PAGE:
Anderson Turner

Some people are just plain hard to pin down. Some other folks — Mark Mothersbaugh is one of them — play by a completely separate set of rules than the rest of us.

I don’t mean he follows the beat of his own drum. No, I truly believe the universe bends to some extent to his will and redefines itself through him. Yup, this guy is as transcendental and trans-dimensional as all that.

It’s not his size. I’m not even sure how tall Mothersbaugh is, as I’m usually sitting down when I talk to him and just trying to focus on what he has to say. Rather, it’s his energy and the way he draws power from the universe that sets him apart. I don’t know if he’s a creative genius, but if he isn’t one, I’m not sure I know what a creative genius is.

The result of this endless creative energy is on display in Myopia, a retrospective of Mothersbaugh’s work on view through Aug. 28 at the Akron Art Museum and the Museum of Contemporary Art Cleveland.

Mothersbaugh’s life as a young person and how he chose to be an artist reads like something out of legend. Unable to see very well until the second grade, Mothersbaugh’s world changed when he got his first pair of glasses. Not only did his vision transform, but also his teacher, who he describes as punishing him every day until that moment, made an important supportive comment.

“I was drawing trees, because up to that point I only knew the part I used to run into. However, after getting glasses, I was just blown away by trees, and my teacher who up to that point had been fairly tough on me, walked up behind me and said ‘You draw trees better than I do.’ That line went in like a bolt and I went home and dreamt I was going to be an artist that night.”

Mothersbaugh’s time as a rock star is fairly well documented. However, he credits his time around the Kent State University School of Art with helping him and others start to figure things out as artists. “There was just a lot of energy around the school … I remember the conceptual artist Morton Subotnick taping money to trees, and Robert Smithson doing the Partially Buried Woodshed. It was because of that vibe that we came up with this interesting thing that was the springboard for the rest of our lives.”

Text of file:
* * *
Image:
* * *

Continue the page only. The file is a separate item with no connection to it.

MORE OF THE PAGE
While the music is of course interesting and is what made him famous, it’s equally fascinating to see how he has evolved as a visual artist. Mothersbaugh has worked and produced out of the artist’s studio, so much so that his own personal aesthetic, while familiar to those who know this other work, does stand on its own power.

When asked how his visual art has managed to evolve with all that he does, Mothersbaugh said, “I did 125 gallery shows in street art and graffiti art venues over an eight- to 10-year period. I was seeking out places that had the M.O. of being run often by young people who were just out of college and would soon have to get a job. However, before that happened, they wanted to prove that they had just as good a street art in Raleigh, N.C., or wherever city, as anywhere.

“They’d open a gallery, not where other art galleries were, but rather in some old abandoned storefronts or something and call it ‘Blurr.’ This name and location would ensure that people who had money to buy art would not show up, but the people that loved art would.”

It’s an important learning tool for artists to show their work. A musician needs to perform, and a visual artist needs to produce artwork and display it. Mothersbaugh’s insightful method, to take the work he was making and just show it in a way that suited him and his personality, was smart and insightful.